Objective: To explore the healthy worker survivor effect (HWSE) in a study of Vermont granite workers by distinguishing “prevalent” from “incident” hires based on date of hire before or after the start of follow-up.
Methods: Records of workers between 1950 and 1982 were obtained from a medical surveillance programme. Proportional hazards models were used to model the association between silica exposure and lung cancer mortality, with penalised splines used to smooth the exposure-response relationship. A sensitivity analysis compared results between the original cohort and subcohorts defined by restricting date of hire to include varying proportions of prevalent hires.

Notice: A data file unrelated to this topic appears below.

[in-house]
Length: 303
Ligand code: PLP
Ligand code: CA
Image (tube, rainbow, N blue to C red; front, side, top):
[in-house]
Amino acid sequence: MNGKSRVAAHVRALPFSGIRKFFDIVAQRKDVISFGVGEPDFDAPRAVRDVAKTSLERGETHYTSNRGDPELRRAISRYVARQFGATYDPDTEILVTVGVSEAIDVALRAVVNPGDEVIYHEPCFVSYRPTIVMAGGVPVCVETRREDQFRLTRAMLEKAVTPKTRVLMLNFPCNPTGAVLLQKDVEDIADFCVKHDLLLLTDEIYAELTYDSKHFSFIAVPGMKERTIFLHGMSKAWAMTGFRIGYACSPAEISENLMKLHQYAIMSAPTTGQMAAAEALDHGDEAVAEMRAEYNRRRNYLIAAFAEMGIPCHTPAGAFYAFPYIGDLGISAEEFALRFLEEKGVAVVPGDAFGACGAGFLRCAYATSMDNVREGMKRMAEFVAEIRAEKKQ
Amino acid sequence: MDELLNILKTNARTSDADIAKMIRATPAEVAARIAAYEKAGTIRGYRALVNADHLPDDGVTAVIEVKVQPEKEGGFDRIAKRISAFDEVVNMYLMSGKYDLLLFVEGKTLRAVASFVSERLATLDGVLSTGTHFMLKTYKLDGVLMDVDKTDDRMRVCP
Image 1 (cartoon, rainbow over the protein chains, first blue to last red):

Results: Restricting to incident hires reduced the 213 cases by 74% and decreased the exposure range. The maximum mortality rate ratio (MRR) was close to twofold in all subcohorts. However, the exposure at which the maximum MRR was achieved decreased from 4.0 to 0.6 mg-year/m3 as the proportion of prevalent hires decreased from 50% in the original cohort to 0% in the subcohort of incident hires.
Conclusion: Despite loss in power and restricted exposure range, decreasing the relative proportion of prevalent to incident hires reduced HWSE bias, resulting in stronger evidence for a dose-response between silica exposure and lung cancer mortality.
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